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More relatives of Pacquiao elected

Agence France-Presse
Posted on 10/29/2013 6:11 PM  | Updated 10/30/2013 1:02 AM

DYNASTY BUILDING? Manny Pacquiao sees more relatives elected in the October barangay polls, after he and his wife were elected in May. AFP file photo by Dale de la ReyDYNASTY BUILDING? Manny Pacquiao sees more relatives elected in the October barangay polls, after he and his wife were elected in May. AFP file photo by Dale de la Rey

GENERAL SANTOS CITY, Philippines – Philippine boxing hero-turned-congressman Manny Pacquiao had 3 more relatives elected to public office after Monday’s village polls.

The Commission on Elections said on Tuesday, October 29, that two of the boxing superstar's brothers, along with a sister-in-law, won village seats in their home city of General Santos in South Cotabato.

A representative for the star downplayed suggestions Pacquiao was creating his own "political dynasty."

Rappler learned that his brother Rogelio Pacquiao was re-elected as barangay chairman of Barangay Apopong. He is not new to barangay politics. He ran for congressman of South Cotabato in May 2013 but lost.

Another brother, Bobby Pacquiao was elected kagawad (councilor) in another barangay, while Bobby's wife, Lorelei, was re-elected as barangay chairperson.

Although villages are the smallest government units, seats are hotly contested and considered the first step in building a crucial grass-roots network for politicians aspiring to higher office.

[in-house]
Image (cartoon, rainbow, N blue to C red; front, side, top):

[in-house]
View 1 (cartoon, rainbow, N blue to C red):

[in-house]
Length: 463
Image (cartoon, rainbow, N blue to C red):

It is common practice among Filipino politicians to have their relatives also run for office to put a "dynasty" in place in the hope of expanding their influence and keeping them in power.

The 34-year-old Manny Pacquiao, who recently expressed hopes of becoming president, has used the fame and riches generated from his boxing to launch a successful political career.

Pacquiao won a seat representing the impoverished southern province of Sarangani in 2010, and was re-elected unopposed in May.

His wife Jinkee was elected vice governor of Sarangani, also in May.

The boxing hero's chief of staff, Franklin Gacal, denied that Pacquiao was trying to install his own political dynasty.

"Barangay elections are non-partisan [and are] premised on bayanihan spirit, a Filipino custom of helping one another in your community," he said in a statement.

Manny Pacquiao was widely criticized after he said in July that he hoped to run for president.

Critics said he appeared ignorant of the law which sets 40 the minimum age for a presidential candidate, making Pacquiao too young for the next elections in 2016. Political analysts also said his skimpy record as a lawmaker did not improve his chances for the presidency.

The boxer later clarified that he was aware of the minimum age limit and had no plans to run for the presidency in 2016.

Detractors have also said that Pacquiao's political ambitions have distracted him from boxing, leading to consecutive defeats to Mexican rival Juan Manuel Marquez last December and American Timothy Bradley in June.

He is now training furiously to redeem himself when he meets American Brandon Rios in Macau next month. – Rappler.com


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